The findings of the 2010 census confirm that Hispanics have become a major influence across the nation's economic, social and political fronts. The findings also confirm that a major demographic shift is under way, the same kind of shift other ethnic groups took in the late 19th century and through a good portion of the 20th century. In fact, some people feel it is more than a shift.
In an April 1 interview on NPR, Jorge Ramos, the co-anchor of the nightly newscast "Noticiero Univision," said, "It's truly a demographic revolution ... and it's already having enormous impact economically and politically."
Janet Murguia, president and CEO of the National Council of La Raza (NCLR), wrote in an April 22 Op- Ed piece for The Wall Street Journal, "Every issue that Americans care about -- whether education, health care, Social Security or the economy -- involves the Latino community."
Increasingly, this demographic revolution comes from a younger, more involved Hispanic population.
"We are tech savvy," Hernan Lopez, president of Fox International Channels, wrote in the March 14 issue of Advertising Age. "We spend more time on mobile devices than our non-Hispanic peers. We use social media as a means to communicate, express ourselves and create, and we spend more time online than non-Hispanics."
Key Ingredient to the Economy
A younger, savvier Hispanic population has much to offer the United States in terms of the economy.
Juan Solana, chief economist for HispanicBusiness magazine, sees in the increased Hispanic population "the potential for a future of economic growth and financial stability in the United States."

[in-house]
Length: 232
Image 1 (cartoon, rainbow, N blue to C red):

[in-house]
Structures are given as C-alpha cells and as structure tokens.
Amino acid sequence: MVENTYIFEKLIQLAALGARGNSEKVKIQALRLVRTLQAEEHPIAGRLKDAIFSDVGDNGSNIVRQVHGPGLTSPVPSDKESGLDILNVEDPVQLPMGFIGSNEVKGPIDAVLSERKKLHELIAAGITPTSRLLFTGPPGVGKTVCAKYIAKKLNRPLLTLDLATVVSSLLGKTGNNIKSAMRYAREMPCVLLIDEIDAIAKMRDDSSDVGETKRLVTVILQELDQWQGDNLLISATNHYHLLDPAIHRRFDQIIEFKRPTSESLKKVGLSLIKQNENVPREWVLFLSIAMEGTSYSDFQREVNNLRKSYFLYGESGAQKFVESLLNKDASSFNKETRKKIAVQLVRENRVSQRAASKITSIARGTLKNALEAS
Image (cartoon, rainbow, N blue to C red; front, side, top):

There are several major impacts Hispanics will have.
"A younger and educated labor force can contribute to mend the financial challenges that the U.S. economy will face in the coming decades," Mr. Solana said.
The Hispanic impact will not merely be on the production side, despite Hispanics becoming a growing presence in the U.S. workforce.
"Substantial potential growth lies in consumer markets due to the demographic and professional progress of Hispanics," Mr. Solana said. "Opportunities arise from seizing these emerging domestic markets, but threats come from ignoring them and allowing competitors to gain a stronghold in this segment of increasingly affluent consumers."
The Hispanic purchasing power was put at $1 trillion in 2010 and estimated by HispanTelligence, the research arm of HispanicBusiness magazine, to be $1.3 trillion by 2015.
But beyond the marketplace, Hispanics also will be a strong voice in other areas of the economy.
"The current debate about U.S. financial obligations as the baby-boom generation starts to retire would be more dramatic than they already are without this population growth fueled by Hispanics," Mr. Solana said.
Not only will Hispanics be a potent force in driving the material side of the economy, they will help shore up another segment that has shown a decrease over the years.